The Temerty Contemporary Ukraine Program is pleased to announce its long-term research program, “Displacement, Reintegration, and Reconciliation in Ukraine,” led by Director Dr. Emily Channell-Justice. This is a multi-level, multi-sited, comparative project that sees the displacement of populations from Donbas territories and Crimea as part of a broader trend of migration and resettlement that will fundamentally change the economic, political, and social makeup of Ukraine.
The project conceptualizes displacement and migration as processes that intersect with future plans for reintegration and reconciliation of the occupied territories. While many international governmental and non-governmental organizations have focused on the plight of displaced populations, this research considers the implications of policy decisions made at the federal level in Ukraine. How do domestic policies and diplomatic efforts change the nature of peacebuilding and reconciliation in the context of recent mass displacement?
The research for this project will take place at several levels. It will include interviews with experts working in Ukrainian government, at NGOs, and in international organizations that address the issue of displacement. A second component includes interviews with people who experienced displacement and planned observations in organizations that continue to help displaced people. These observations and interviews will take place in several cities around Ukraine. This data set will be combined with interviews with displaced people that were completed between 2014-2016 to present a holistic picture of the experience of displacement and displaced people’s changing views for the future of Ukraine.
The ongoing conflict in Ukraine began in 2014, when the Russian Federation annexed Crimea through a combination of military intervention and an illegitimate referendum. Separatist movements, supported by the Russian military, have resulted in a conflict that continues to this day. As long as the conflict in Donbas is active and Russia controls Crimea, we can conclude that most displaced people will not be returning to their homes in the near future. Thus, how does this long-term displacement of at least 1.6 million people from the Donbas and up to 100,000 people from Crimea change the economic, political, and social makeup of Ukraine? Relatedly, displaced people have not lost their desire to return to their homes; what is the Ukrainian government doing to ensure the safe return of the Donbas territories, as well as the Crimean peninsula, to Ukrainian governance? What will full reintegration look like in the future? How are international forces helping or hurting the government’s efforts? These questions place Ukraine within a global conversation about post-conflict reconciliation, a process in which displaced people must have a clear role. This research will contribute to a better understanding of Ukraine’s potential to move forward as a unified state.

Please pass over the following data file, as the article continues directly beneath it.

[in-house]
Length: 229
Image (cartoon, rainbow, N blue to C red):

Based on TCUP’s established goals of bridging the gaps between the academic and policy worlds, TCUP is partnering with the Centre for National Resilience and Development in Ukraine to produce policy recommendations on the topics of displacement and reintegration. The first research focus for this collaboration will address the issue of local elections and the integrity of local security and law enforcement in the occupied territories. The research will also produce scholarly publications on migration, state-building, and international intervention.
TCUP’s contributions add to an already robust area of study among social scientists. To help our audience better understand the complexity of the issues facing displaced populations, TCUP will be releasing a series of reports over the course of the summer and fall to address various aspects of displacement. To start the series, TCUP Director Dr. Channell-Justice will provide a general overview of the state of displaced populations in Ukraine, addressing key terms, current data, and data deficiencies requiring further research. Read the report on our website.